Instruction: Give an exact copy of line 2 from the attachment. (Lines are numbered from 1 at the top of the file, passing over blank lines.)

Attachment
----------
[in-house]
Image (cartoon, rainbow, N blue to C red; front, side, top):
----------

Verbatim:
Image (cartoon, rainbow, N blue to C red; front, side, top):